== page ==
However, much as I kept trying to push the thought away, it kept springing back up, which - following my intention of this blog, to thresh out whatever's on my mind - meant it's obviously something that bugs me, hence, should be blogged about. Problem is, my thoughts on the matter are so diffuse and rambling, I'm not sure how coherent this whole blog will be.


Social Media (Facebook, Twitter, Google +, Instagram). Sharing reviews and author self-promotion?

Where's the line?

What's considered spamming? When is it all too much? Of course, if you can get around the impossibility of that statement - taking in all the varied and diverse opinions of all the folks on the interwebz everywhere - here's another one: should authors feel bad about sharing reviews and promoting their own work?

Here's my rather clumsy, uncoordinated views on the matter: 

Take Author A: who posts every single day, every single update about their book, where to buy their book, reviews of their book, random passages from their book, sends PMs to other social media users about their book, and posts about nothing but their book. If you scroll down their FB wall for a few days, all you'll see is endless posts related to their book. They belong to an infinite number of Facebook Book Groups, and will post two dozen updates about their book in each group all in one day, so that's all you see in your feed. In the extreme? That Author Whose Facebook Profile Picture Is Of Them Reading Their Own Book.

Nobody wants to be that author. I think most authors are definitely afraid of being that author.  But, I've noticed another extreme on the opposite end of the spectrum.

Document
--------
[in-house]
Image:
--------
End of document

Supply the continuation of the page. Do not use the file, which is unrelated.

Author C: who doesn't feel like they should ever post about their work, ever. They also don't think other authors should post about their work, ever. Maybe they're veterans who've built up enough of a readership, they don't need to post much about their work.  Maybe they've got a solid pool of reliable readers who are already looking out for their next book, social media regardless. Either way, when they have a new book coming out, or a short story in an anthology, they will at most offer one post about it, and that's all.

Let's also name another group of authors which I've observed (and granted, these are my flawed, subjective observations and nothing more), which I'll tag Author C-1: those who feel very stridently that other authors promoting their work are nothing but spammers or shills, or, on the flipside, often lament about how they don't feel comfortable sharing their own work for fear of being Author A,  and that's probably why their sales are low, or they don't have readers, but they've just accepted that fact (or, maybe not so much) because they just don't feel comfortable talking about their work or themselves at all.

I'm definitely not Author C. In many ways, I don't get that position at all. I mean, no one wants to be Author A, (and I sometimes, like many others I'm sure, feel like I dance on the edge of that one) but I don't see anything noble or especially worthy about never saying anything about your work, or a review, or something positive like that.

So, can there be an Author B: who is not at all shy about sharing their work or where it can be purchased, definitely shares good reviews and news when they come in, maybe posts once a month "updates" for new followers about where to find their work....but when it's all said and done, they know when to stop and move on to Other Things?